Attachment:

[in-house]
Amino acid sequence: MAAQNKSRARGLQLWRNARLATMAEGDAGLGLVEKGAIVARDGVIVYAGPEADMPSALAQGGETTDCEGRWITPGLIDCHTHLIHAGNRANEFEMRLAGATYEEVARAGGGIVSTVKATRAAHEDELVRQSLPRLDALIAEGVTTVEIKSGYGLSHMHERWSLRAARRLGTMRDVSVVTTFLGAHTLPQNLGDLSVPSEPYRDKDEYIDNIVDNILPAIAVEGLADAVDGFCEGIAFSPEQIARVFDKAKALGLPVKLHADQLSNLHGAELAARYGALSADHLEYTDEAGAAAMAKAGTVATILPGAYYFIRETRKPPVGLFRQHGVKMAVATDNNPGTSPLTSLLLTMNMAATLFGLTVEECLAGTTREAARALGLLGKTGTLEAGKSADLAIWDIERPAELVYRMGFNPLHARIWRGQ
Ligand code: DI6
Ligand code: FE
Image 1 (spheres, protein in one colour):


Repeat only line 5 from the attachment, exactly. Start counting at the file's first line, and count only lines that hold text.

Image 1 (spheres, protein in one colour):